A new study proves something we’ve suspected to be true for years: right-wing evangelicals are hypocrites.

Two professors at the University of Notre Dame, David Campbell and Geoffrey Layman, analyzed data from two surveys to determine what white evangelicals (who are overwhelmingly conservative) believe about how a politician’s personal behavior affects his/her ability to govern.

Historically, the evangelical view has been that if a political leader is guilty of a personal moral failing, he’s no longer fit to lead the nation. That’s why so many of them demanded that President Bill Clinton either resign or be removed from office after revelations that he had a sexual relationship with a White House intern.

A recently as 2011, evangelicals were sticking with this line. A poll conducted by Public Religion Research Institute and Religion News Service found that 60 percent of white evangelicals agreed with the statement that a public official who “commits an immoral act in their personal life [cannot] behave ethically and fulfill their duties in their public and professional life.”

But in October 2016, following the release of the infamous “Access Hollywood” tape of Donald Trump boasting about how easy it is to sexually assault women when you are rich and famous, the number of white evangelicals who agreed with the statement above plummeted to 20 percent.

Campbell and Layman wondered if the figure has rebounded since the fall of 2016, so they took a hard look at some data that came out from the Cooperative Congressional Election Study (CCES) after the 2018 midterm elections. They found that the number of white evangelicals who are willing to hold a politician accountable for personal failings is continuing to drop. It’s now at 16.5 percent.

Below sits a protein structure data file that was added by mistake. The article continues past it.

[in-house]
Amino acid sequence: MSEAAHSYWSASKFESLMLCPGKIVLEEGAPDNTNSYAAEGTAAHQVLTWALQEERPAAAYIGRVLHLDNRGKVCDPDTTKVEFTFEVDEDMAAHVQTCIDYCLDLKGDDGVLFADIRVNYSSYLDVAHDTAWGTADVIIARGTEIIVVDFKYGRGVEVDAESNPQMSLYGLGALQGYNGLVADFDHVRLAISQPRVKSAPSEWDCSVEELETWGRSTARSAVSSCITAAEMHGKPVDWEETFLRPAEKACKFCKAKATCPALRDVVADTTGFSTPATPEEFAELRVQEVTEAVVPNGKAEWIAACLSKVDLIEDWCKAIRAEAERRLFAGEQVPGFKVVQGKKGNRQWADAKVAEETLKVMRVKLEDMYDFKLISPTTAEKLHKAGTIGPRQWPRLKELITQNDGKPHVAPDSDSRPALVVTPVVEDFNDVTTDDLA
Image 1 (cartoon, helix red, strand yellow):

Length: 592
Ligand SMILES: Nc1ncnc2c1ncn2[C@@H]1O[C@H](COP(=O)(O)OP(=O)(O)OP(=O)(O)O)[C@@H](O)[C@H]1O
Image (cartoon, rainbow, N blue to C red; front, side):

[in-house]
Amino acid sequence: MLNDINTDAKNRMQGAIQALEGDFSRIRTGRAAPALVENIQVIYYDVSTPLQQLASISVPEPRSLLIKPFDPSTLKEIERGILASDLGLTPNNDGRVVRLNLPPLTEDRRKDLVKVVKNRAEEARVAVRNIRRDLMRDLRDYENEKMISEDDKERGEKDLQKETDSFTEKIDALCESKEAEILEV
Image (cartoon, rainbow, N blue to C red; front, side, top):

Huffington Post religion writer Carol Kuruvilla called evangelicals' shift on this issue "stunning."

Here’s where things get really interesting: Kuruvilla wrote that Campbell and Layman wanted to know if the results would change “if respondents were primed to think about either Bill Clinton or Donald Trump.”

Indeed they do. Campbell and Layman noted that the CCES randomly gave respondents one of three versions of the same question concerning politicians’ personal morality. One was generic, one mentioned Trump by name and one mentioned Clinton.

Wrote Kuruvilla, “The professors found that white evangelicals were more likely than other religious groups to have different responses based on the politician they had in mind. Only 6% of white evangelicals primed to think about Trump said that elected officials who behave immorally in private won’t act ethically in professional life. But 27% of those primed to think about Clinton said the same.”

Speaking of conservative evangelicals, Campbell said, “They have put politics first.”

For something like 40 years, Religious Right groups have been sanctimoniously lecturing the rest of us about how character counts and why we need “godly” men and women in public office. But when put to the test, they tossed that standard aside as they rallied around the most amoral man to hold the highest office in the land since Richard Nixon. 

The Trump presidency has exposed the Religious Right and its leaders for what they are and always have been: a band of hyper-partisan, morally confused scolds who have failed a simple ethical test of differentiating between right and wrong.

It has also made it clear that these people have absolutely no right to judge the rest of us when their own house is in such a state of moral disorder. 

(Photo: Family Research Council President Tony Perkins kicks off the Religious Right's Values Voter Summit in 2015)